3. Place the Feeders on Different Levels


Many birds will feed at more than one level, but some species have preferences. Mourning doves, sparrows, juncos, and towhees typically feed on the ground level, while finches and cardinals feel more conformable with the table level, like in the shrubs, while chickadees, titmice, and woodpeckers would love hanging feeders that are hung at least 5 feet above the ground. And other species like woodpeckers, nuthatches, and wrens usually feed in trees. To attract the widest variety of species, you can put your feeders at an appropriate level to attract specific kinds of birds you would like to observe.



4. Avoid Window Collision


Every year, approximately one billion birds die from crashing into windows. Bird collisions with windows are very common, especially when a feeder is in the wrong place. The most dangerous place to place a bird feeder is 15 to 30 feet from a window, where collisions are more likely. Actually, putting a window bird feeder could not cause any harm since it is close enough to the glass that the birds can’t catch enough speed to do any damage when they fly away. On the opposite, you can protect birds from collisions by placing feeders within three feet of windows. Window feeders are beneficial because they allow you to see birds up close without startling them, and notice when the bird feeder needs to be refilled.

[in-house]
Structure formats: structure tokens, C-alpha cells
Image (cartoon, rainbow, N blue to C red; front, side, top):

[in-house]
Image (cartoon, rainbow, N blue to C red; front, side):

5. Discourage Squirrels from Bird Feeders


Squirrel infestation is always a headache for birdwatchers for it’s always challenging to deter these formidable enemies without reducing the attractiveness of a bird feeder. One of the most effective ways to discourage squirrels is to relocate your bird feeders and hang your feeders on a metal pole in an open area at a relatively high level away from trees, roofs, etc. Or use a squirrel baffle to deter those greedy gobblers. Another trick is to choose your bird seeds wisely. Squirrels are less attracted to nyjer and safflower seeds for their bitter tastes. And they detest any strong flavor like peppers, so you can blend some dehydrated cayenne peppers or other similar spices into the bird seed.